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In September of 2016, I wrote an article titled, "We Can All Be Millionaires." The message is as true today as it was a year and a half ago. It's so true that I decided to share part of that article in this pledge:
Some people believe that all millionaires are crooks and only have their millions because they inherited their wealth. According to Thomas Stanley, author of "The Millionaire Next Door," 80% to 86% of the millionaires in America are self-made millionaires. Self-made millionaires are first generation millionaires, which means that they were the first in their family to reach a million dollars. That means that they did it on their own. That means that you can do it on your own also.
- We Can All Be Millionaires, Sept. 16, 2016
Basically, I was saying that anybody can become a millionaire. My wife and I can become millionaires and you can become a millionaire also! That's where the pledge comes in. You don't just accidentally become a millionaire. You have to have a plan and a set of rules that will help you reach the goal of becoming a millionaire.
What is the Millionaire Pledge?
The millionaire pledge was invented by J Money at Budgets Are Sexy (a creative name right?). This was initially a list of steps that he needed to accomplish each year in order to become a millionaire. He then plugged his monthly savings into the CNN millionaire calculator and voila you have an estimated date to reach a million dollars.
The great thing about J. Money's millionaire to-do-list: It has evolved! Things have changed in his life. He no longer has a regular 9 to 5 job, thus his 401k is no longer an option. However, he now owns his own business and invests in a SEP IRA. Each year, our life will continue to evolve, therefore we must be ready to adjust our goals to fit those changes.
What does the Summit of Coin millionaire pledge look like?
As I write this article, my wife and I are in our 4th year of marriage, with our 5 year anniversary coming up in a couple of months (Exciting)! We have one child and one on the way (I add this in, because children can affect the amount of savings). Over the course of our marriage, we have seen our net worth grow dramatically.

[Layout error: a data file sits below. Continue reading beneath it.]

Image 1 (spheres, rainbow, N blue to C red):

We are currently 1/5 of the way to becoming millionaires. It took us about four years of marriage to reach 1/5 of a million dollars (started at basically 0). If we can continue on this trend, and increase our net worth by 1/5 every 4 years, we should reach a million dollars in 16 years (However, I tend to think it will be faster, because as your account balances increase, the faster your money grows).
Our Millionaire Pledge is...
- Focus on Paying Off our Mortgage Early - $20,000 minimum per year
- Max out Roth IRAs - $11,000
- Invest 5% in my Wife's 401K and enjoy the 5% match from her company - $7,212
- Invest in my 403B - $3,600
- Throw any extra money towards our house
**Note - We are not currently maxing out our 401K or 403B, because we want to get the house paid off and then we will focus on maxing out all retirement. We actually decreased our retirement investing this year, because we want to focus on our home! One more challenge: as a teacher in Texas, I am required to invest 7.5% of my income in a pension called Teacher Retirement System. Sadly, this investment only earns 2% each year. Thus, I don't count it in our millionaire calculation, but it does affect the amount that we throw at investments.
With our current net worth level and the pledge to invest the above amount yearly, the CNN millionaire calculator threw out the following years, depending on returns:
- 4% return: Millionaire in 2034 (16 years) - Age 47
- 6% return: Millionaire in 2031 (13 years) - Age 44
- 8% return: Millionaire in 2029 (11 years) - Age 42
So, it's looking like we will reach our goal of a million dollars sometime in our 40s. A 4% return is a little conservative in my book, so I tend to look at either 6% or 8% percent returns on average and even expect most of my investments to return close to 10% on average each year. Therefore, I am underestimating our returns in the hope that we will reach the illustrious million dollars. We could even speed up our millionaire date, if we find extra money to throw at savings or retirement (specifically maxing out retirement)!
What's the big deal of a million dollars?
In all reality, it's not even a million dollars that matters, but what it means to reach the point of financial freedom. That point is where you can start living off of the income that your investments are making each year. To some, this will be more that a million dollars. To others, $800,000 is enough to retire on comfortably.
It's the idea that retirement is not an age, but a financial number. That number can dictate when you reach the freedom to live life on your own terms, without a job that requires 40 or more hours of your waking hours each week. Most financial bloggers (including myself) don't aspire for wealth just to have wealth, but instead to enjoy the freedom that wealth can give you.
What's your millionaire pledge? Is it crazy to think that becoming a millionaire is attainable for a teacher and a nurse in our 40s?